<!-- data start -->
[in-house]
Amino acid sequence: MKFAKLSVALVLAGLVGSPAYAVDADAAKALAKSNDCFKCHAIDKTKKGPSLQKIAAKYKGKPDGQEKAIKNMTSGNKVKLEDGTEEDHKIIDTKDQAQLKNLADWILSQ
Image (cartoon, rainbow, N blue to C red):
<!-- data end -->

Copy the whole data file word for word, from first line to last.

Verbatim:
[in-house]
Amino acid sequence: MKFAKLSVALVLAGLVGSPAYAVDADAAKALAKSNDCFKCHAIDKTKKGPSLQKIAAKYKGKPDGQEKAIKNMTSGNKVKLEDGTEEDHKIIDTKDQAQLKNLADWILSQ
Image (cartoon, rainbow, N blue to C red):